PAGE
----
Comparing the 24-120 (left) to Nikon 24-70 (right). The Internet has very strong views on both lenses.
I acquired this lens out of curiosity as it was mentioned in the list of Nikon's 10 Worst Lenses by Ken Rockwell. Ironically the list only contains 6 lenses, so it must be really bad. However, I still maintain most equipment is more than good enough and I will plant to use this lens for the sharpness section.
This is a typical kit lens although I am not sure if it was ever directly bundled with a camera. It goes from quite wide and is longer than a typical mid-range zoom, but not long enough to be used as a universal zoom. It sacrifices speed (f/3.5-5.6) to reduce the weight and price and become an attractive do it all type of lens, but not quite.
An interesting comparison is Nikon 24-70. From focal length the 24-120 is clearly better, but it is also notably slower. However, not all quality is really captured by numbers. From my first experiments, there is nothing visibly wrong with this lens, but I will need more time to make experiments.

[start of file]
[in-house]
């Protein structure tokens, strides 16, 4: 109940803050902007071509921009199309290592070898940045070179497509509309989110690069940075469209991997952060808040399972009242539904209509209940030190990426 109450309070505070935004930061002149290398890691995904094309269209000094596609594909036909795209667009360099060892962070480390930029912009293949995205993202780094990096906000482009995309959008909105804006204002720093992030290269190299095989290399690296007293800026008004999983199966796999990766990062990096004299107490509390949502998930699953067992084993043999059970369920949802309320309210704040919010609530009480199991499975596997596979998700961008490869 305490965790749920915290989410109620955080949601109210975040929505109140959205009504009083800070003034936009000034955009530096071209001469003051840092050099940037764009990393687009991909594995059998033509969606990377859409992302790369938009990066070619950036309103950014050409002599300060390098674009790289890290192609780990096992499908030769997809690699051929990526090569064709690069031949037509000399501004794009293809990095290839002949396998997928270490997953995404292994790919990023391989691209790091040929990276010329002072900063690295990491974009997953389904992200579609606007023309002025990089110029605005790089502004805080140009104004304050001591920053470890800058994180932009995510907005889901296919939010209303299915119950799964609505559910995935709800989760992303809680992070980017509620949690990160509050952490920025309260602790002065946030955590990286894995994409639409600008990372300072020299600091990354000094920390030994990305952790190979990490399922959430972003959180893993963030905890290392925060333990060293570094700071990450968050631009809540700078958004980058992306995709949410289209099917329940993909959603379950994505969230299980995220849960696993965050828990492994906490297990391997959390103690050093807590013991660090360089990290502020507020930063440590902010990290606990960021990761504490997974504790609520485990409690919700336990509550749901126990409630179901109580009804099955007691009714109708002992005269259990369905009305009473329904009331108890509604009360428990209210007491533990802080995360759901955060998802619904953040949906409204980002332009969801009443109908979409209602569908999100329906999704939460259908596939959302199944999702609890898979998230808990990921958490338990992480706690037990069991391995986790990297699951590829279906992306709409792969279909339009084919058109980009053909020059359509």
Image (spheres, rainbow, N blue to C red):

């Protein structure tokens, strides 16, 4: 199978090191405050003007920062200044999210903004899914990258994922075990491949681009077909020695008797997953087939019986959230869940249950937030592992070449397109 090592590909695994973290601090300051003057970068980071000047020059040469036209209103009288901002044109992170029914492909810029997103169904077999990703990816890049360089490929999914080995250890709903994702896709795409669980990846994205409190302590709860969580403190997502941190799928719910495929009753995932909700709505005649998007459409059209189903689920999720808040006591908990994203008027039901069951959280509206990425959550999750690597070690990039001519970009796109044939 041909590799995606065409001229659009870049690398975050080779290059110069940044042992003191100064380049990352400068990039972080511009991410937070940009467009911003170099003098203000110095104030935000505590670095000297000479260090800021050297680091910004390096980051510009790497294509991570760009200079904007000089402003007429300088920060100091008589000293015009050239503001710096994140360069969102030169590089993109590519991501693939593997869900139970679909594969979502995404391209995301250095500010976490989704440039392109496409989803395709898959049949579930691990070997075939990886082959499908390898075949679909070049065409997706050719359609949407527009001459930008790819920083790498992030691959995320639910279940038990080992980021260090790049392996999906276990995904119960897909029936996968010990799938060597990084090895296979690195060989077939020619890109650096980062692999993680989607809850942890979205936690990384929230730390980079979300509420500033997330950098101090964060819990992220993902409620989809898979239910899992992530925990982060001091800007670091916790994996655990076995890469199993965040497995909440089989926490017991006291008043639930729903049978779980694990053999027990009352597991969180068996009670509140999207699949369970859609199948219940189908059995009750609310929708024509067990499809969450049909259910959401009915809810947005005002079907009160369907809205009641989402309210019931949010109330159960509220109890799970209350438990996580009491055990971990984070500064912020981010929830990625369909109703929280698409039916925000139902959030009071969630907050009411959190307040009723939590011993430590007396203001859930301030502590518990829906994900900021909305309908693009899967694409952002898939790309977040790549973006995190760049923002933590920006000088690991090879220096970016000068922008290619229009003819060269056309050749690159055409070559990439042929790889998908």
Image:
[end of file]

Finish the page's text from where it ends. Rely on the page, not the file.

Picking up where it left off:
- This is the older f/3.5-5.6 version with vibration reduction
- The newer version is f/4 and considered to be much better (and much more expensive)
- There is an even older auto focus version f/3.5-5.6 version without vibration reduction.
This was designed to be used on a full frame camera. But here is the catch, it does not have the focal length range to become a universal zoom, it is meant for cameras that are more expensive so the expectation is that they care about quality and the lens is not one where the expectation is very high optical quality. Overall not a great choice.
These pages are for Amateur Photographers and not really for seasoned photographers and professionals. I have no affiliation or commercial interest with any brand/make. I write from my own experience. I ended up using mainly Nikon, so I am more familiar with this brand than others. See price for notes on pricing as well as photography related links.